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Vegan Outreach is a 501(c)(3)
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reducing the suffering of farmed animals
by promoting informed, ethical eating.

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Vegan Outreach
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Vegan Outreach Special Enews  •  March 4, 2008

The Vital Importance of Grassroots Animal Advocacy

Matt Ball

Vegan Outreach exists to expose and end cruelty to animals, as expeditiously as possible. We focus on getting booklet-length summaries of the atrocities of today's factory farms to as many people as possible, but, because of our limited time and resources, don't delve into great detail on the depths of agribusiness's depravations, nor on the individual animals who suffer and are slaughtered by the billions.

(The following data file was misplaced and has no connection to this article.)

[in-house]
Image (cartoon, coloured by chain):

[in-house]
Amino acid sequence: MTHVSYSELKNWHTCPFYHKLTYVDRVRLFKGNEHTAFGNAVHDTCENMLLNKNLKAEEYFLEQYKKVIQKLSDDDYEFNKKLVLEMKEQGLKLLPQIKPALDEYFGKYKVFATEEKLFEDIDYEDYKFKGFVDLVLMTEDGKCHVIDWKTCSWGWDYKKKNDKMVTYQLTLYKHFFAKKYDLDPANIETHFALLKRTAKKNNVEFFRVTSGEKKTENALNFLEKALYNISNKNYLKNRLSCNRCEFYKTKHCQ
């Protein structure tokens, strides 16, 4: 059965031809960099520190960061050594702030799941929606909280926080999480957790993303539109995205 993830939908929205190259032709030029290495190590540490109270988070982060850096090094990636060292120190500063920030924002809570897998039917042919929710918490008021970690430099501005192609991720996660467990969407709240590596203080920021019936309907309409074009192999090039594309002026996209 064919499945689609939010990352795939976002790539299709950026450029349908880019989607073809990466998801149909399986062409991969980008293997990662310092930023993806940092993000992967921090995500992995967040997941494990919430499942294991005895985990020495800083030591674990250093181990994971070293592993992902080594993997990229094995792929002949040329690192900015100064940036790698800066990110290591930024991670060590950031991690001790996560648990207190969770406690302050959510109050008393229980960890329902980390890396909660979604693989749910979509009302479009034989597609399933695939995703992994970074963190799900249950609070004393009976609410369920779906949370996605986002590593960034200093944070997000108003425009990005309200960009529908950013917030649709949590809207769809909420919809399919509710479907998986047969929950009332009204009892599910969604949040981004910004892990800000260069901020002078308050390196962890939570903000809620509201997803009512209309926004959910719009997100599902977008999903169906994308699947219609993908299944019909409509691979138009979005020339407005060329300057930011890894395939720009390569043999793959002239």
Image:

Every so often, it is important to remind ourselves why we put our limited time and resources to grassroots advocacy. Few people have had more firsthand dealings with agribusiness and individuals within this system than Gene Baur, cofounder of Farm Sanctuary. In his new book, Farm Sanctuary: Changing Hearts and Minds about Animals and Food, Gene shares his experiences and knowledge gained, especially since the founding of Farm Sanctuary in 1986.

Gene begins his book with a brief introduction to modern agribusiness, along with some staggering statistics: